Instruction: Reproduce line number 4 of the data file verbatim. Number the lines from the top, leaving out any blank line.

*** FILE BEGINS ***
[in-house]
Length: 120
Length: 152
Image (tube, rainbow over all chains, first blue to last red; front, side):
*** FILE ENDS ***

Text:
Image (tube, rainbow over all chains, first blue to last red; front, side):